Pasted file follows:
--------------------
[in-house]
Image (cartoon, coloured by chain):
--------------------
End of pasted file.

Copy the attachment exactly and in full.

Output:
[in-house]
Image (cartoon, coloured by chain):